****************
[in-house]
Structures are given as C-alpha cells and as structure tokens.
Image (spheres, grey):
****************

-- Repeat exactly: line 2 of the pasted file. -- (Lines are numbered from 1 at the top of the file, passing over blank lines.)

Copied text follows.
Structures are given as C-alpha cells and as structure tokens.